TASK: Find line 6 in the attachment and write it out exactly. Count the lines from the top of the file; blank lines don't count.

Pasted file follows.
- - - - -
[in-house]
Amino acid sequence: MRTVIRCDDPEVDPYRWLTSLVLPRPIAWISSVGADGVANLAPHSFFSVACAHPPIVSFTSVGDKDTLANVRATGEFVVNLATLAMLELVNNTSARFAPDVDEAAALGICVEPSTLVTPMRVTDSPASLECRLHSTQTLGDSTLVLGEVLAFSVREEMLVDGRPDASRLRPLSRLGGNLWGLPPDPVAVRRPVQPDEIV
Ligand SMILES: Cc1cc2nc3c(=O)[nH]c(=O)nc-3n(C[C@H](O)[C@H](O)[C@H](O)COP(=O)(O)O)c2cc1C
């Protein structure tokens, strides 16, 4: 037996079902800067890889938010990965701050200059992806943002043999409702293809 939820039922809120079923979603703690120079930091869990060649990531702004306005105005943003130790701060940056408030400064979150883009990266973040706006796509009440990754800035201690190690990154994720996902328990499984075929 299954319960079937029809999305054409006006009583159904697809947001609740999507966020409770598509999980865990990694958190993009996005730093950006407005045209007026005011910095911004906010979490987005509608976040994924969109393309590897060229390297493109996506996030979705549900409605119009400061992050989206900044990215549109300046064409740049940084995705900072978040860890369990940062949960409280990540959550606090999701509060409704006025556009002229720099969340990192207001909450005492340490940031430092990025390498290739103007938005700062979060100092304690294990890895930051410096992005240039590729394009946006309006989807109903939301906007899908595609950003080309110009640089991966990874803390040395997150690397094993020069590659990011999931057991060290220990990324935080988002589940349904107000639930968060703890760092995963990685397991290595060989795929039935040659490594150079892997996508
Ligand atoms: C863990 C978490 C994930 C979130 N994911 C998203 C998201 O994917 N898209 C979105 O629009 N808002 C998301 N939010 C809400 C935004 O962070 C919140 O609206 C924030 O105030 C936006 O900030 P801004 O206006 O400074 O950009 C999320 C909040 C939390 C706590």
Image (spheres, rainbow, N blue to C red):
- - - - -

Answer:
Image (spheres, rainbow, N blue to C red):